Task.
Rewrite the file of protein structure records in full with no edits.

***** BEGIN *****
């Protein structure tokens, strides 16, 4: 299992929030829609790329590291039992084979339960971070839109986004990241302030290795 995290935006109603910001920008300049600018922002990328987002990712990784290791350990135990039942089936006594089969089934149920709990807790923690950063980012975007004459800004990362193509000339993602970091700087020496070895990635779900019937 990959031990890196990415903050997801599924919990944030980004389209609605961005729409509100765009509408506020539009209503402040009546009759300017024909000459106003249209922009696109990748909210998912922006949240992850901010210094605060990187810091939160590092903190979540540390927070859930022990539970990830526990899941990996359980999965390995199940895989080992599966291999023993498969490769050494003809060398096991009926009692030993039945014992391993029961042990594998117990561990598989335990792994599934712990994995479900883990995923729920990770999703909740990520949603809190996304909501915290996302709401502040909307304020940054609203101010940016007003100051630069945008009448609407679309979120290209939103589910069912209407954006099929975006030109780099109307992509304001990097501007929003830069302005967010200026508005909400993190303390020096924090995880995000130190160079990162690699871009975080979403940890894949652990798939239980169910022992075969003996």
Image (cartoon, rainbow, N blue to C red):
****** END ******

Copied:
């Protein structure tokens, strides 16, 4: 299992929030829609790329590291039992084979339960971070839109986004990241302030290795 995290935006109603910001920008300049600018922002990328987002990712990784290791350990135990039942089936006594089969089934149920709990807790923690950063980012975007004459800004990362193509000339993602970091700087020496070895990635779900019937 990959031990890196990415903050997801599924919990944030980004389209609605961005729409509100765009509408506020539009209503402040009546009759300017024909000459106003249209922009696109990748909210998912922006949240992850901010210094605060990187810091939160590092903190979540540390927070859930022990539970990830526990899941990996359980999965390995199940895989080992599966291999023993498969490769050494003809060398096991009926009692030993039945014992391993029961042990594998117990561990598989335990792994599934712990994995479900883990995923729920990770999703909740990520949603809190996304909501915290996302709401502040909307304020940054609203101010940016007003100051630069945008009448609407679309979120290209939103589910069912209407954006099929975006030109780099109307992509304001990097501007929003830069302005967010200026508005909400993190303390020096924090995880995000130190160079990162690699871009975080979403940890894949652990798939239980169910022992075969003996």
Image (cartoon, rainbow, N blue to C red):